Fri. Feb 23rd, 2024

The protection of a virgin forest promised by Quebec never took place.

Les Hurons -Wendat denounce the

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The forest which the Huron-Wendat call Ya'nienhonhndeh (Where medicinal plants are gathered) covers an area of ​​800 km², a large part of which is considered intact.

  • David Rémillard (View profile)David Rémillard

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Insulted by the “hypocrisy” of the Legault government, the Huron-Wendat Nation is raising its voice and once again demanding the reservation of the virgin forest of Lac à Moïse. More than two years after receiving a promise to this effect from the Minister of the Environment, Benoit Charette, the word “blockade” is starting to circulate in Wendake.

Québec announced, in June 2021, the creation of a pilot project for a protected area of ​​sustainable use and indigenous initiative. The project in question was that of the Huron-Wendat, refined for a decade by the Office of Nionwentsïo, the name given to the Wendat ancestral territory.

The day the creation of the protected area was announced, Benoit Charette affirmed that of the 750 km2 targeted by the project, a vast part of the virgin forest was immediately placed under protection. x27;logging.

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Map of the protected area proposed by Wendake

However, the protection of this forest, located to the west of the Laurentides wildlife reserve, has not yet been applied and the protected area is not legally constituted. On the contrary, even though sectors identified by Wendake are still allocated to forestry companies in the regional development plan, deplore the Hurons-Wendat.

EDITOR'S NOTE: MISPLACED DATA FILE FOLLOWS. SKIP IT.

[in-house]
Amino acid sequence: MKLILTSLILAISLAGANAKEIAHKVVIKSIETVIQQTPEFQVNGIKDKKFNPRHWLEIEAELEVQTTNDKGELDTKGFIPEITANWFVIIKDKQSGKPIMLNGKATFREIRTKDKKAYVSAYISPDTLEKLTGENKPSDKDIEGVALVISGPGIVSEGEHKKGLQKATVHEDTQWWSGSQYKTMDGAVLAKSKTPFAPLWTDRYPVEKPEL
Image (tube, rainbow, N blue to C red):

Faced with the stretching deadlines, the great chief of the Huron-Wendat Nation, Rémy Vincent, no longer intends to laugh. Why hasn't this been put under reserve yet?, he asks impatiently. The one currently blocking is only the government of Quebec.

After putting pressure on Quebec to step up its pace, Wendake criticizes the absence of consultations to define the limits of the protected area.

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Rather than responding to the demands of the Huron-Wendat, the Quebec government recently sent a proposal to Wendake to delimit the contours of the reserve zone, that is, the portion of the protected area without exploitation of resources. Mr. Vincent deplores the removal of approximately 40 km2 of intact or naturally regenerating forests (without human intervention).

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Lake Batiscan is part of the planned zone for the protected area

We try to tamper with the surface, it works underneath without consulting us. It is not normal for the Ministry of Forests to work behind our backs to establish new limits, says the great chief. We're not in a healthy relationship right now. It's not complicated, it's hypocritical.

The strict conservation zone would thus increase from 375 km2 to 335. The great chief recalls that the law requires that at least half of a sustainable use protected area be set aside. The government is breaking its own law with the current proposal, he says.

According to the Natural Heritage Conservation Act, a sustainable use protected area is characterized by the presence of natural conditions over the majority of its territory.

According to the Huron-Wendat Nation Council, the entrenched massifs correspond to sectors allocated to forestry companies in the 2018-2023 development plan for the Capitale-Nationale region.

Although Quebec has for the moment imposed cutting moratoriums for these sectors at the request of Wendake, the great chief's confidence is shaken. If the moratoriums are lifted, the loggers will get in there and it's over.